Denial of a Safe Haven: Domestic Violence as a Means of Denying Healthcare

By Jason Richie‡

Although the intense debate surrounding health care reform has drawn attention to a variety of important issues, there has been little discussion regarding the denial of coverage to victims of domestic violence. Eight states—including North Carolina, Idaho, Mississippi, Oklahoma, North Dakota, Wyoming, South Carolina, and South Dakota—and the District of Columbia still allow insurers to deny health care coverage to victims of domestic abuse – a practice known as “pinklining.”

Although insurers do not ask applicants directly if they have been victims of domestic violence, they often review emergency room visits, doctors’ records, and even court-issued protection orders for grounds to deny care. The very agencies victims of domestic violence turn to for help, support, and guidance are in many cases being used against them, often with tragic consequences.

Georgia is one of eleven states that has modified its state laws on this issue since 2000, but it took the Georgia General Assembly nearly three years to makes these modifications. The bill passed unanimously 169-0, a feat that, according to Law Professor Rebecca Brannan, was in large part due to publicity surrounding the denial of coverage to a staff member at a Georgia domestic violence shelter after she was shot multiple times by her abuser.

More recently, Kaiser Health News, a subset of the Henry J. Kaiser Family Foundation, profiled the 2006 experience of an Albuquerque, New Mexico, attorney, Jody Neal-Post. Ms. Neal-Post, who herself advised victims of domestic violence, was rejected by her insurer after the insurer learned of counseling she had received following her own domestic abuse experience with her ex-husband. New Mexico’s Public Regulation Commission intervened, forcing the insurer to reverse its decision as required by New Mexico’s Domestic Abuse Protection Act.

Insurers use risk as a shield to deny care. Reasons for denial range from interpretations of domestic abuse as a pre-existing condition to the view that the abused person is somehow participating in a dangerous or alternative lifestyle. Fern Shen of The Washington Post quoted one insurance executive, saying, “Whether it's battering or breast cancer or HIV or a sky diver or a person recovering from breast cancer, if we fail to take these things into account, it could lead us into bankruptcy.” An insurer can tailor its risk. A sky diver can choose his or her own risk. However, a victim of domestic violence or a patient suffering from breast cancer cannot choose her risk, despite the best intentions and the most stable circumstances.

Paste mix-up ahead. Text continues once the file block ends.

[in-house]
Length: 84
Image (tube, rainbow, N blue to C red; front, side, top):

Within North Carolina, county agencies and programs receiving funding from the North Carolina Council for Women/Domestic Violence Commission handled 101,076 crisis calls in 2007-2008, which are the most recent years that these numbers are available. While there are no figures as to how many of these callers were denied care, North Carolina's history of pinklining puts these callers at further risk. Not only does the denial of health care coverage harm those trying to escape violent family members, but it also jeopardizes the lives of the millions of children who accompany their parents into newly formed family units. This denial further intensifies the victimization of those who have fought courageously in these often private struggles.

The North Carolina State Legislature enacted a statute banning the treatment of domestic violence as a pre-existing condition in 1997. However, the same statute also attempts to prevent a denial based on disability, medical condition, or past medical care – a measure that has proved largely ineffective. In an attempt to fill the void, North Carolina’s Insurance Commissioner, Wayne Goodwin, recently filed for a new addition to the North Carolina Administrative code that would explicitly prohibit the classification of domestic violence as a pre-existing condition.

Although Mr. Goodwin’s efforts are a step in the right direction, we need to guarantee that insurers do not continue to use domestic violence to deny health care coverage, a practice which routinely occurs with other items mentioned in the statute, including disability and medical history. North Carolina can use the health care reform movement as an opportunity to ensure that no adult or child is denied health care coverage for seeking help and a safe haven.

Jason Richie is a law student at the University of North Carolina School of Law.

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